Last financial year NI payments contributed £23.4bn.

    NHS England has a budget of £122bn, is the proposal to fund the £100bn currently met from general taxation to the NI fund, in fairness many people already believe their NI contributions fund the NHS.

    This will entail more than just getting over 65s to pay NI, the shift is massive, has anyone done any further modelling of the increases required in NI and the corresponding reductions for council tax and income tax, so peope can get a better feel for how the shift to a dedicated NI/health tax will effect them

  • @Michael BG

    Thanks for your further comments.

    Sorry I didn’t mention that Dilnot (which I was proposing) had a high THRESHOLD of £100k.

    A number of things to simplify things.

    Accommodation and food costs are paid for out of income currently (AIUI) but income includes benefits such as housing benefit. So, we also are only talking about CARE costs not “HOTEL” costs – accommodation and food. Help with care is subject to income so if you have a bigger pension you will have to fund some of the care costs (but lets ignore that in this).

    There are also two different mechanisms with Dilnot. A THRESHOLD (which exists at the moment) and a CAP.

    The current THRESHOLD is currently in England – £23,250 in assets and savings. So if you have £33,250 before you have to spend £10k on care before you get help. Someone with a house worth £100k would have to spend £76,750 on care before they get their care paid for.

    Dilnot proposed an addition mechanism of a CAP which he recommended to be £35k. He also recommended that the THRESHOLD was raised to £100k.

    It can be seen where the UNFAIRNESS is in the CURRENT system. Those with assets above £23,250 who have to deplete their assets down to that.

    Having a HIGH cap also depletes people’s assets down. With a cap of say £72k as Dilnot was AMENDED to in the care act, someone with £100k would also get through 72% of their assets potentially.

    But IF you set the CAP low at say £35k and a high THRESHOLD then it becomes a fairer system. Someone with assets of £100k would now pay nothing. £101k – £1k etc. The worst would as a percentage would be £135k. After that the cap would kick in.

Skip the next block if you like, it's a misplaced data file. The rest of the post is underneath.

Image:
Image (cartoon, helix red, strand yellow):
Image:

BUT there remains how to pay for this – the (low) cap and much higher threshold. I would therefore propose an inheritance tax of 10%. This maintains a principle of collective insurance for those that are unfortunate enough to suffer bad random events of very large care costs.

    For more on the current system see https://www.moneyadviceservice.org.uk/en/articles/means-tests-for-help-with-care-costs-how-they-work

  • @Stuart

    24% of NI contributions went to the NHS. So we could have three taxes as of now –
    income tax, national insurance and health and care tax. We reduced NI by 24% and kept health funding the same there would be no change

    You, me and all other lower wage earners below pension age pay that towards the 20% of the NHS paid for by NI.

    Pensioners, on investment income and higher earners (whose marginal NI is capped at 2%) do NOT. It does not seem fair as they all use the NHS but are only paying for some 80% of it! Perhaps their waiting times should be lengthened by 20% and others shortened by 20%???!!!!!

    It seems fairer to set a health tax across all these categories of people – and of course NI can also be reduced for those paying it.

  • Peter Martin 6th Feb '18 - 6:41pm

    “the National Insurance fund balance and movements is reported separately to general taxation. occasionally general taxation is used to support the NI fund”

    It may well be that the government plays various games with just what happens when a pound is collected in taxation and what happens when it is collected as National Insurance. It practice it doesn’t matter. Effectively it just goes into the shredder or the digital equivalent. Government collecting its own issued money is just like a theatre collecting its own issued tickets.

    It is often said that the US Fed neither”Has” Nor “Doesn’t Have” Dollars. It’s the same for the BoE and by extension the UK government which owns it.